Business Law

What to Do if You Need to Break a Commercial Lease

If you own a business, chances are that you rent commercial space and are subject to a commercial lease. If you decide to move your business or if you go out of business while in the middle of your lease, then this might be a challenge.

If you are considered a month-to-month tenant, then you will likely have to provide your landlord with the notice required in the lease and generally you should be able to finish out the month and move without having to pay any additional rent. Check your lease.

If you are subject to a lease for a certain period of time and you wish to break the lease in the middle of that term, then your options may be limited.

Long-Term Lease

As part of your commercial lease, there is likely a provision that requires you to make rent payments for the duration of the lease whether you are there or not. So, simply moving out does not get you off the hook for paying rent.

You should understand that your commercial lease is a contract and like all valid contracts, both parties are bound by the specific terms outlined in the contract. Specifically, a landlord agrees to provide you with the commercial space you agreed to rent. If the landlord fails to do so, as set forth in the lease, then he or she has breached the contract.

Similarly, you have agreed to pay rent in order to occupy the commercial space for a set time. If you fail to make a timely rent payment, then you are in breach of the contract.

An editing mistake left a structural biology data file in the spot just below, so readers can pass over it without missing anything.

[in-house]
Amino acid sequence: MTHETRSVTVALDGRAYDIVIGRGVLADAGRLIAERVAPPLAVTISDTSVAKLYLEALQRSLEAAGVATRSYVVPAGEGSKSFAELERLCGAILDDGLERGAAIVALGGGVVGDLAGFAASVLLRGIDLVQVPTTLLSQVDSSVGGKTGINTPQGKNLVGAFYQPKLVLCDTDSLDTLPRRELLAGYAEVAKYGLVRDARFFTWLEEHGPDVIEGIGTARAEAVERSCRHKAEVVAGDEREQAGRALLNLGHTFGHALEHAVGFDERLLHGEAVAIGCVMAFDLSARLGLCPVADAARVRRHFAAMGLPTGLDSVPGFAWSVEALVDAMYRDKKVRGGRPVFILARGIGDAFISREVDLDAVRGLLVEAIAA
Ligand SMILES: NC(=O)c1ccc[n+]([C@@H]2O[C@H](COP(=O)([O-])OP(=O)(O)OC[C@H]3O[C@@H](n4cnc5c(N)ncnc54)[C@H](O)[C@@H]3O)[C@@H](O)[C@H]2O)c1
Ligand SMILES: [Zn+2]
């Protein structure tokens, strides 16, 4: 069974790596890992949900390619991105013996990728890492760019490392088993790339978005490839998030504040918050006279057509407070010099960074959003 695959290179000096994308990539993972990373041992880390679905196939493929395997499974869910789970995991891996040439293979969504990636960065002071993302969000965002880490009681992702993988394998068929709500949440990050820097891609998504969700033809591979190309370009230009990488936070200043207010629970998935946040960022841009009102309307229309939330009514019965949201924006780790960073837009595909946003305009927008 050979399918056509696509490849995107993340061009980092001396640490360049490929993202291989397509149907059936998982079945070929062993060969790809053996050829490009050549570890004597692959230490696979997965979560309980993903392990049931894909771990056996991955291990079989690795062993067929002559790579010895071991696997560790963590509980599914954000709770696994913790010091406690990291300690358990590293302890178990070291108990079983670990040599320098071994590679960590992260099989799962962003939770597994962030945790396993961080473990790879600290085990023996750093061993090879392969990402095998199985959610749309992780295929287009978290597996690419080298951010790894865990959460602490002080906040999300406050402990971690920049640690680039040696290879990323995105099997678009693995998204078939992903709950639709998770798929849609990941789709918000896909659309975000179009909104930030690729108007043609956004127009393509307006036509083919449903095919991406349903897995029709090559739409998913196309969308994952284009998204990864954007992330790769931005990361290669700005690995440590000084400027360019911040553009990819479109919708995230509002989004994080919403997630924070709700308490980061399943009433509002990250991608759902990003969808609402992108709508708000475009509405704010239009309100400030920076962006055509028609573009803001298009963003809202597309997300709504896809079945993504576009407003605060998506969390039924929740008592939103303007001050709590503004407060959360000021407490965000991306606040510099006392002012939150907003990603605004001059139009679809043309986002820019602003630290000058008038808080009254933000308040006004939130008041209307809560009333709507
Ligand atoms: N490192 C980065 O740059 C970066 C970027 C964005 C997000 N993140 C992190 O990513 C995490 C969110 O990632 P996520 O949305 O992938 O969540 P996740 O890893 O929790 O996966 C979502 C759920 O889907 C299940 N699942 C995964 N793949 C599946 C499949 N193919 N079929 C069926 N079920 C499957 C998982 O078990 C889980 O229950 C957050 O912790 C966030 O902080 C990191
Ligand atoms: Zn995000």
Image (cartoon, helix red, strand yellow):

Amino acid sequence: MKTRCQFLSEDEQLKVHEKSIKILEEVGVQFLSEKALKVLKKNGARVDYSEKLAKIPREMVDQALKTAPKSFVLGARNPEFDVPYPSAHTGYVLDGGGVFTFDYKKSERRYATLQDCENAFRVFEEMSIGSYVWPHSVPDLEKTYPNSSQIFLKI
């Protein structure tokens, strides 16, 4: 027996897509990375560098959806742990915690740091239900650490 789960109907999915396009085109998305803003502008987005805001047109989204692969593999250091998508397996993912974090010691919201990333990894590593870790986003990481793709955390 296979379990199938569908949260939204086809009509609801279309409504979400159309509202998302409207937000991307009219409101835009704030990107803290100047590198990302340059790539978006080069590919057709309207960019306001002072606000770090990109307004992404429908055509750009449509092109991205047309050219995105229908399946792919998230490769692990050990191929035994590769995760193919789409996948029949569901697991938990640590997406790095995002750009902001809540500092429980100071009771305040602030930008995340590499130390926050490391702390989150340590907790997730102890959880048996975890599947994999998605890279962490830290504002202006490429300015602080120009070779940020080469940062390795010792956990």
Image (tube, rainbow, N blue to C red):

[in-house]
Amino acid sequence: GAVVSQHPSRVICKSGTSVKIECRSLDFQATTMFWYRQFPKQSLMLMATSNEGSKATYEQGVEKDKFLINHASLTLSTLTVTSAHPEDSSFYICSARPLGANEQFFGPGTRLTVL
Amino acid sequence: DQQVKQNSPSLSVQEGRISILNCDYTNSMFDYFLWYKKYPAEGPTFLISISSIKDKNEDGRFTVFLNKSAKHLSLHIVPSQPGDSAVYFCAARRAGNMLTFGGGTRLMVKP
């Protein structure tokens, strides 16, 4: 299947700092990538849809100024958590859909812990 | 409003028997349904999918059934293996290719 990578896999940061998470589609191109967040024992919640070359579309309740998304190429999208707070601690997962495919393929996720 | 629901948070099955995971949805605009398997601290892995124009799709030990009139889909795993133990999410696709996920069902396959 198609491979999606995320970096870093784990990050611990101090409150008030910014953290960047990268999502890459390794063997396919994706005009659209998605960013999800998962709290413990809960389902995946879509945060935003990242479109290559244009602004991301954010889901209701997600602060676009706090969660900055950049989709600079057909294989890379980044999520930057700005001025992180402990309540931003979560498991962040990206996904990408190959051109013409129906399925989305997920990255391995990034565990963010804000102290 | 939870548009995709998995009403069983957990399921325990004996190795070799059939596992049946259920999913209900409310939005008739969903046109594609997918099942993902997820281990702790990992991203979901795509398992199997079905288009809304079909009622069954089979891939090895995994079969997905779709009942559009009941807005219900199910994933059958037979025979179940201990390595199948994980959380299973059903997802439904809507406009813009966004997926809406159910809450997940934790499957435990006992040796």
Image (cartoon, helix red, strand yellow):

What Happens if There is a Breach of Contract?

In most states, landlords have a duty to try and “mitigate damages” (i.e., cut their losses by re-renting the space quickly). However, Florida does not follow this general rule. In Florida, landlords have the option to re-ren t the space, stand by and do nothing, or invoke certain rights as may be present in the lease.

If the landlord chooses do nothing and the space is not rented out during the remainder of your lease, then you are responsible for the payments due until the lease expires. If the landlord does re-rent the space, then you may not be responsible for paying rent during the month the space is re-rented.

So, what to do . . .Consult With a Business Attorney

The best thing to do is to try and reach an agreement or compromise with the landlord. The landlord may take a reduced amount of rent rather than take you to court to collect the full amount. But DO speak with your Florida business lawyer before signing or discussing anything.


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